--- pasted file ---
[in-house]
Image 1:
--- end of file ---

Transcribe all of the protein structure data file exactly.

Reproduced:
[in-house]
Image 1: